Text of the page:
Forum for Science, Industry and Business

Sponsored by:     3M 
Search our Site:

 

High-Frequency Sounds Cut Off by Cell Phones Might Carry More Information than Previously Thought

07.11.2011
The human voice routinely produces sounds at frequencies above 5000 hertz, but it has long been assumed that this treble range, which includes high sounds such as cricket chirps, is superfluous to the understanding of human speech.

Now researchers from the University of Arizona and the University of Utah are taking a second look at this underappreciated range. Their research reveals that people can glean a large amount of information, including the identification of familiar songs or phrases, from just the higher frequencies.

The work, which the team will present at the 162nd Acoustical Society of America Meeting in San Diego, may prompt a re-evaluation of how much spectrum is in fact necessary to carry the full meaning of the spoken word.

Although current cell phone technology only transmits frequencies between 300 and 3400 hertz, musicians have known for decades that an unbalanced or cut-off treble range can ruin the quality of vocals at concerts. Brian Monson, now a research scientist at the National Center for Voice and Speech at the University of Utah, started out his career as a sound engineer and experienced first-hand that too much treble can make singing voices sound shrill, while too little treble can make them sound dull. “People are very sensitive to a change in the treble range,” Monson says. “They can tell immediately that something is different.” From previous research, Monson also knew that singing carries more energy in the treble range than normal speech.

Curious about whether the treble range was indeed more important for singing than for speech, Monson teamed up with researchers from the Department of Speech, Language, and Hearing Science at the University of Arizona to test what sort of information lies within the treble range for both spoken and sung words. The researchers recorded both male and female voices singing and speaking the words to the U.S. national anthem, and then removed all the frequencies below 5700 hertz. When volunteers listened to the high-frequency-only recordings, they were able to identify the sex of the voice, the familiar passages from the “Star-Spangled Banner,” and whether the voice was singing or speaking the words.

“This was definitely an unexpected result,” says Monson, who notes that the traditional view of speech would not have predicted that such specific information would be carried in frequencies above 5000 hertz. The results may help explain why it can be especially difficult to understand cell phone conversations in trains or at cocktail parties. In loud environments, the low-frequency range can become cluttered with noise and the higher frequency signals that might serve as a back-up in face-to-face communication are cut off by the cell phone transmission. The scientists’ studies may also have implications for the design of hearing-aids and may help guide the quest to produce synthesized speech that sounds natural. “This started off as a scientific study of the art form of singing, but the results can tell us surprising information about human communication in general,” Monson says.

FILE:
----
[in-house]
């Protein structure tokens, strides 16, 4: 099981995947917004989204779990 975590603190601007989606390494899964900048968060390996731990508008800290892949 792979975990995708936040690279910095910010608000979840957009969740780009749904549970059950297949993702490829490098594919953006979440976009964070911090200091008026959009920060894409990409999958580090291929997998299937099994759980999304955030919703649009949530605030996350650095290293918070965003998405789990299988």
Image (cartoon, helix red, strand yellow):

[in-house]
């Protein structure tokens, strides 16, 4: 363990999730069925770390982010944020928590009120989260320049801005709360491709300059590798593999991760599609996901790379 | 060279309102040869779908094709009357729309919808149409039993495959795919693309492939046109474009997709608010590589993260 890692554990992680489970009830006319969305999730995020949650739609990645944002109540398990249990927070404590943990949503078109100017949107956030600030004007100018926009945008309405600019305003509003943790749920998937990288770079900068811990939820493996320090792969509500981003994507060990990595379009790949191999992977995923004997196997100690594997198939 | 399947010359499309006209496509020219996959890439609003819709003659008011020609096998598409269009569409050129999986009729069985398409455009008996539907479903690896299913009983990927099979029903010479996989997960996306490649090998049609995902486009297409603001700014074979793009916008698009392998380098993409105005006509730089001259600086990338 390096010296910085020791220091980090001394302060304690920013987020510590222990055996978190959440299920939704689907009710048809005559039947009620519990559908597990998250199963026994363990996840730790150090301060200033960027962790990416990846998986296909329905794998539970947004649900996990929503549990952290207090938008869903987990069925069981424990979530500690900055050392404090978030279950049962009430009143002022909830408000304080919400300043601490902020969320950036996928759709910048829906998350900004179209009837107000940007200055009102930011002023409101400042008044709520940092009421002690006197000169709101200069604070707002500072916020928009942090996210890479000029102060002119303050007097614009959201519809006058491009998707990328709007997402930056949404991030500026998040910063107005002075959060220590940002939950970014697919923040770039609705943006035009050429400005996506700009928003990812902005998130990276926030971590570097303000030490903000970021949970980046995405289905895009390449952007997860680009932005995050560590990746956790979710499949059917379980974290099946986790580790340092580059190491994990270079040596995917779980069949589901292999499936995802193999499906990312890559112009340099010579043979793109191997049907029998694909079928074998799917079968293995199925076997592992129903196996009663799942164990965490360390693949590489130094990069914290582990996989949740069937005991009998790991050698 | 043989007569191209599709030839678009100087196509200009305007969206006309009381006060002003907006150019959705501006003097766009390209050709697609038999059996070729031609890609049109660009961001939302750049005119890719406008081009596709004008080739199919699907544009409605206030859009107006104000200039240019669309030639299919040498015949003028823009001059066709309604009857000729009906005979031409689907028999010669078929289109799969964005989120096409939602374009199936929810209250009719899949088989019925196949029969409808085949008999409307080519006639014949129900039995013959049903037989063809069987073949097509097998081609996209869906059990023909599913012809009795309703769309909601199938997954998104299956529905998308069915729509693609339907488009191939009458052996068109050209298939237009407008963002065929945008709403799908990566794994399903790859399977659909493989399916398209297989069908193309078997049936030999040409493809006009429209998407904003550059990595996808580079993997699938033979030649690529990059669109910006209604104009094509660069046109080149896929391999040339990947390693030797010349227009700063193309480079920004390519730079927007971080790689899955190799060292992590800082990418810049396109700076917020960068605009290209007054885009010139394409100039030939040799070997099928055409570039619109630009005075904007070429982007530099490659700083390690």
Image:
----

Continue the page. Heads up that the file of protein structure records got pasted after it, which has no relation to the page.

The paper 5aSCb3, “Perceptually relevant information in energy above 5 kilohertz for speech and singing,” will be presented in a poster session Friday, Nov. 4, from 8-10 a.m.

USEFUL LINKS:
Main meeting website: http://acousticalsociety.org/
Searchable index: http://asa.aip.org/asasearch.html
Hotel site: http://www.towncountry.com/index.cfm
Webcast registration and viewing: http://www.aipwebcasting.com
WORLD WIDE PRESS ROOM
In the week before the meeting, the ASA's World Wide Press Room (www.acoustics.org/press) will be updated with lay-language papers, which are 300-1200 word summaries of presentations written by scientists for a general audience and accompanied by photos, audio, and video.
PRESS REGISTRATION
The Acoustical Society will grant free registration to credentialed full-time journalists and professional freelance journalists working on assignment for major news outlets. If you are a reporter and would like to attend, contact Charles E. Blue (cblue@aip.org, 301-209-3091), who can also help with setting up interviews and obtaining images, sound clips, or background information.
ABOUT THE ACOUSTICAL SOCIETY OF AMERICA
The Acoustical Society of America (ASA) is the premier international scientific society in acoustics devoted to the science and technology of sound. Its 7,000 members worldwide represent a broad spectrum of the study of acoustics. ASA publications include The Journal of the Acoustical Society of America (the world's leading journal on acoustics), Acoustics Today magazine, books, and standards on acoustics. The society also holds two major scientific meetings each year. For more information about ASA, visit our website at http://www.acousticalsociety.org